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Thanks for making it easy to find the cheapest renters insurance. Knowing our stuff is always protected gives me peace of mind.

Matt and Bethany, Charleston SC

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Rental home insurance is more commonly referred to as renters insurance. It is almost the same as the standard form coverage that is bought by people who own the buildings in which they make their homes. It contains the same clauses as homeowners insurance, with a few important exceptions. The most significant of these is that rental home insurance does not cover the physical structure of the rental home whether this be a condominium, apartment, or single family house.

The limits of liability for damage or injury sustained within the rental space are the same as those that apply to propertied homeowners. A renter is also a homeowner. The rental home is, for these purposes, the property of the leaseholder even though that person does not own the physical structures.

It is not a legal requirement that home renters purchase renters insurance, liability, or property damage coverage, but leasing agents and private owner landlords are beginning to require it of their tenants with increasing frequency. It is fast becoming standard practice in the rental industry.

Renters Risks and Liabilities

Rental home insurance, like all other forms, is purchased to indemnify the owner against certain perils. Referred to as risks or perils, these are events that can cause physical structures to be damaged or destroyed, or can occasion some form of injury to human beings.

The person in possession of a lease is liable to visitors and guests for injuries they might sustain while in the home, or for belongings they lose or that get damaged while on the property. These kinds of events could have quite substantial costs, especially in the case of personal injury. If something falls and a guest or visitor is seriously injured, medical bills and legal fees could present a quite serious financial burden for the leaseholder. Accidents that occur within the rental unit are not covered under the landlord's property insurance.

Any damage that a person causes to the property of others renders that person responsible for the repair or replacement of the damaged object. A homeowner can make claims against a homeowners policy and receive financial disbursements to cover repair or replacement. A renter is subject to the same responsibilities as any other homeowner. A leaseholder is a particular kind of homeowner and can use the specialized version of the standard form rental home insurance policy.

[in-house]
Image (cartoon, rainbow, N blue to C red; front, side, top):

The liability provisions are especially useful. They provide a financial cushion if someone dies or is seriously injured in an accident that occurs at the home. Even if the injured person has personal health coverage, the tenant, being the homeowner, is still liable, and medical expenses could be quite extreme. If the injured person files a lawsuit, the fees for legal counsel could also present a grave inconvenience. Rental home insurance will cover these and any other judgments up to the limits agreed to in the policy. This likelihood alone could make the decision to purchase rental home insurance a very attractive proposition for any occupant.

If a natural disaster damages or destroys the contents of a rental dwelling, the renter will have to replace or repair valuables out of pocket unless that person has purchased a rider to the rental home insurance policy that specifically provides for that eventuality. The property owner will be compensated according to the limits of the policy that covers the property, but the occupant will not. There will be no compensation for loss of use if the residence is rendered unliveable following a natural disaster, either, if there is no policy to that effect, taken out in the name of the resident.

Finding Affordable Insurance

Whether or not a renter has the financial reserves to be able to replace a valuable possession that gets lost, and whether that possession be a fur coat or a favorite couch, an insurance policy has the potential to save its owner a lot of money and personal distress.

Once such a decision is made, the renter will want to find protection that is affordable and appropriate. Many agencies offer insurance for all common contingencies and for some unusual ones, also, and generally speaking, rental home insurance is relatively inexpensive.

Of course, the final cost will depend on a number of factors. Agents will first look at the location of the home in which the belongings are kept, and at the value of the individual items that are being insured. They will ask renters to provide comprehensive lists of the valuables and attach documents that provide proof of ownership and of value.

The renter will decide what levels of deductible and premium payments are comfortable, and how high the liability limits will be. In any case, the process of acquiring rental home insurance flows more easily if a determination of needs is made before meeting with an agent.